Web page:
167 // Developing Empathy With Mental Illness (Kind of)

Facebook | Twitter | Youtube | Instagram | Bloglovin’

Pharoah Khufu was an ambition guy, he commissioned the construction of the biggest and tallest man made structure of the time. A structure which wouldn’t be beaten in height for over 3,300 years. It is impressive for a number of reasons, firstly the socioeconomic situation at the time was dire. I mean there were problems with crime, social mobility, education, transport, corruption and the list goes on*. How Herr. Khufu managed to get the required public funding through parliament for a pyramid which would only be used to house his own dead body I’ll never know. Boris Johnson couldn’t even get a Garden Bridge built in London, and that was for public use.

Aside from the impressive misuse of public funds, the average age of a man in ancient Egypt at that time was 34 years old, and this Pyramid would take 20 years to build. So thats a man with some serious confidence in his own ability not to be average. Also it should be noted that this pyramid was built 2,500 years before our pal JC was sent down here by his Dad, and it was 2,000 years before the first crane was invented.

The lack of crane is important because, given the size of the project, and the time in which it was constructed, it meant there had to be 12 blocks placed correctly every single hour for 20 years. With each block weighing an average of 2.4 tons – that isn’t bad going at all.

Now, I don’t know if Monsieur Khufu was a hands on project manager or if he delegated a lot of the responsibilities to others, but I suspect the latter. According to reports, he was caught doing the Egyptian Enquirer crossword puzzle on more than one occasion*. They do always say though; a good project manager hires the right people… or enslaves 100,000 men with the threat of death in the case of non-compliance.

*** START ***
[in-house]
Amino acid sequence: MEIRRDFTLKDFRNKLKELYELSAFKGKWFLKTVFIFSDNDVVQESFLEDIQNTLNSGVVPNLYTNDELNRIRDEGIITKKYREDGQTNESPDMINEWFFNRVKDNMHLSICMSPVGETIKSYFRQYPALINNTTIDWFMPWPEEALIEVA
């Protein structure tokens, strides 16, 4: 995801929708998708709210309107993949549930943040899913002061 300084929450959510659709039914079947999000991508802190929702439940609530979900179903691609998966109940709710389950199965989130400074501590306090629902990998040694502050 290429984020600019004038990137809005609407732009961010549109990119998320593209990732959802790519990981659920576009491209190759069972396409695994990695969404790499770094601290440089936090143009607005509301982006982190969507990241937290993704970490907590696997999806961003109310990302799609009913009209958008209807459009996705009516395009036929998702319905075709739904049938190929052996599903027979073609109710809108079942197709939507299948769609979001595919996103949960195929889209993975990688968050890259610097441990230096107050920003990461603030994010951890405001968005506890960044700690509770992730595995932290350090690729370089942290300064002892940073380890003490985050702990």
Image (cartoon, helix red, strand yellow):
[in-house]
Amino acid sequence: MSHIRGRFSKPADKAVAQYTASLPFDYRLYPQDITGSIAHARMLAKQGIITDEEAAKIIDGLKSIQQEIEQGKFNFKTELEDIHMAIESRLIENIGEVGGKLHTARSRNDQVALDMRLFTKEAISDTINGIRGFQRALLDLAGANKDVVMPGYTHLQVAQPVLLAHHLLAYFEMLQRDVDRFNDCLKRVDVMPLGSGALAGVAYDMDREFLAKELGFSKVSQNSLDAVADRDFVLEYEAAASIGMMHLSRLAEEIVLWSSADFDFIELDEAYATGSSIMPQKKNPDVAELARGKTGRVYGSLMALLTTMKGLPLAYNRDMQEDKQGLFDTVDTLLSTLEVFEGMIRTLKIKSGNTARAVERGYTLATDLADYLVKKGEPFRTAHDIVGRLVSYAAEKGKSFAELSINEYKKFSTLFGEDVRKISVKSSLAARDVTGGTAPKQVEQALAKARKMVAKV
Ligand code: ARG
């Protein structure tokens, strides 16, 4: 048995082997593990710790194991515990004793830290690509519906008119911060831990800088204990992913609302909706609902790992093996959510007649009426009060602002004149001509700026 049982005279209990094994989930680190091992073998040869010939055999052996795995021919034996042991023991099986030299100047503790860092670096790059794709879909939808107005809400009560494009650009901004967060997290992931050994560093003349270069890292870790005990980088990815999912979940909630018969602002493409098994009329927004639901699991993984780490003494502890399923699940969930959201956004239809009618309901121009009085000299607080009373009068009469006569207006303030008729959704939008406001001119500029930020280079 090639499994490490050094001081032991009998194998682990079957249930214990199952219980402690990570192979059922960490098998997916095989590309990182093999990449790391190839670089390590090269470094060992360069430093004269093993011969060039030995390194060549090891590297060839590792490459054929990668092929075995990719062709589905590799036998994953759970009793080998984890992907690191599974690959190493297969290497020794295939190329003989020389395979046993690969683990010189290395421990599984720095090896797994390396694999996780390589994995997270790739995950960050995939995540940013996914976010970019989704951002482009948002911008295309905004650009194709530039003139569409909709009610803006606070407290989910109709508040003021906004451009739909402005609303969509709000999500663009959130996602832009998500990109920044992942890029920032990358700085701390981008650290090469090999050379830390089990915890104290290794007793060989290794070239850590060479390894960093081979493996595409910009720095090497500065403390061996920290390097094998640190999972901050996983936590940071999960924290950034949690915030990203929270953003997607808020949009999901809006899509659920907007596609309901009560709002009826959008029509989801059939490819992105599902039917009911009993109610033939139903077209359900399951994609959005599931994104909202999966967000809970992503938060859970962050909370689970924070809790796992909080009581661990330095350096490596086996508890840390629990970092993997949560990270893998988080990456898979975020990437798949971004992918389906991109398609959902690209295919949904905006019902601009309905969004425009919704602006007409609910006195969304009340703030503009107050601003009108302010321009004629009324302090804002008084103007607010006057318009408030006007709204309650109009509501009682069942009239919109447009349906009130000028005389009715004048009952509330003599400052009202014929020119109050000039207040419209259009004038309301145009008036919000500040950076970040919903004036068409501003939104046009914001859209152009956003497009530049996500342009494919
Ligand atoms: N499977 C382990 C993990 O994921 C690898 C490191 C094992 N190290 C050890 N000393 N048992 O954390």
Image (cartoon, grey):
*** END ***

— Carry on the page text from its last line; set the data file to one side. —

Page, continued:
Life for the construction slaves was tough, Mr. Khufu flaunted health and safety legislation and refused to engage with the unions on issues such as pay, working hours or breaks. It was a genuinely tough life and often a very short one, tough conditions with no recompense, and worst of all they were building something they would not even be allowed to use, ever.

I can relate to this.

You see, I have been renovating my apartment here in Vienna for almost a year now, and the crux of the renovation has been the original parquet floor in the kitchen. It was left undone for many months but as I am moving out next week it needs to be finished for the next tenant. Scraping, scraping, sanding, sanding, more scraping, more sanding, varnishing, sanding, varnish, it never ends.

BETTER.png

It is difficult for us humans to empathise with other people because we can’t feel what they feel. We can’t truly know what they’re going through, and this project has opened my eyes. When you walk in someone else’s shoes, you gain a new perspective on life and I’m grateful to have seen through the eyes of an Egyptian slave.